Because he and Tessa Prieto are fast friends, Tim Yap took over the Super! Saturday edition as 'creative director.' More and more the Saturday lifestyle pages looked more like a magazine; huge 'artsy' photos and hardly any text at all. Yap himself tries to dabble with pen and paper, but he masterfully demonstrates that the best money education can buy can't make you a writer.
One of my mailing lists has been reacting to a recent Inquirer article featuring a decidedly insensitive comment from the Yapster:
There is this mind-set, which I think is so passe, that says: ‘The country is in shambles and the country is having a hard time and you are out there partying.’ But this generation is guiltless when it comes to that.Either Yap is even more moronic than I realised or, like most fabulously rich folk in our country, he is willfully blind of the conditions in which 98% of the population live. He and his ilk have managed to create this fictitious bubble where all is happy and gay, where the pursuit of happiness is just a bottle of wine or a pill away.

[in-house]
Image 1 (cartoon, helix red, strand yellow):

The blogosphere reacts:
Manolo links Spy in the Sandwich who says:
There's another word for the guiltless in an orgy of evil, Tim: a sociopath. Which suits you: you are sosyal and you are pathological.
Seriously, why is this guy a freaking editor at the Philippine Daily Inquirer, directly dictating this country's sense of style and all? Maybe the best answer comes from this album by Radioactive Sago: "P*****ina Mo, Ang Daming Nagugutom sa Mundo, Fashionista Ka Pa Rin!"Gibbs Cadiz who addresses the Yapster himself:
Tim, you're a friend and we work in the same paper, but I have to say you've just supplied the money quote that might well end up a) defining you and your generation, and b) explaining in sum why we continue to have the world's longest-running insurgency.Well I for one know that Tim Yap does not speak for my generation. He speaks for a minute section of young people perhaps. And for them, what he says is perfectly normal, rational even. Why indeed should they feel guilty for enjoying the fruits of their "labour?"
What is seriously disturbing is that its this lifestyle of this minute elite, emblazoned and featured on the most popular broadsheet day in day out, featured on TV and radio shows, that shape young people's idea of the 'good life.' It probably wouldn't matter if this were Shanghai. But this is Manila folks.
If Tim Yap does indeed embody his section of my generation, he simply manifests the perennial disease of generations before; a Filipino elite that has washed its hands off of this nation.